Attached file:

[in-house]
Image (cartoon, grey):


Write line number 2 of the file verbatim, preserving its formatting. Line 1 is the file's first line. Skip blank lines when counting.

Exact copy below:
Image (cartoon, grey):